4. Never compare internally or externally with others to the disadvantage of your spouse: Comparison is a dangerous slope. When we compare our life with our friends based upon an incomplete picture of their lives, we tend to judge our life harshly and this leads to persistent dissatisfaction. When you communicate your comparative thoughts to your spouse, it really hurts him/her. If you have to compare, share how your spouse is better than other spouses. There is a saying that, “It was not love that hurt my days, it all was because of little ways”. The little ways of appreciation are not little at all.

5. Take a pause during the times of intense disagreement or conflict: Human mind has been designed for survival and during intense anger situations; it goes into auto-pilot without any supervision from the rational part of the brain. This is why we hear about murders because of road-rage and bar brawls. When you find yourself in the middle of an intense conflict, there is a good possibility of causing some real damage to the relationship either verbally or physically. A good idea is to take a pause from the conflict and come back to it after the anger has subsided. This simple strategy can solve some big complicated problems.

6. While resolving conflict, seek to understand and then be understood: This is a habit that I learnt from Stephen Covey in his book, “The Seven Habits of Highly Effective People”. This habit is critical to resolve the tough challenges in any relationship. When you sit down to resolve a conflict, understand the perspective from your spouse's perspective and make sure that she feels understood. Then explain your point of view in a calm tone. Also, explain how a specific behavior makes you feel. Then, synergize to get the best alternative. Sometimes, you can get a better alternative when you work together and sometimes you might have to be satisfied with a healthy compromise. Men and women think differently and this difference must be kept into account while discussing and finding alternatives. A very valuable book which highlights the different meanings and styles of conversation between men and women is “Men are from Mars and Women from Venus”. Reading this book can help you to understand the subtext within the main text of conversation and can help to have a better resolution of these challenges.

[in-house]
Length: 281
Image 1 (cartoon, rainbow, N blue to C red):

7. Never go to bed angry: One important rule that many successful marriages adopt is the rule that no matter how angry they are with disagreements throughout the day, they make it a habit to speaks words of affirmation and validation before going to bed. This can be done even when the conflict is not yet resolved. For example you can say that, “I understand that we see things differently and we still have to find a resolution for the problem X, but I want you to know that no matter what the resolution is, I love you and I am grateful that we are in this relationship.” This simple habit can prevent issues from festering and worsening the relationships.

These strategies can help anyone to improve their relationships. Am I an expert on relationships with multiple degrees? No. Do I never make mistakes? No, I make a ton of mistakes and my list of mistakes might be very long. But, all of us can’t be PhD and still have to live in relationships. My goal is to share what has worked for me and hope that it might work for you too. I wish you the very best of rejuvenated and evergreen love this Valentine’s Day.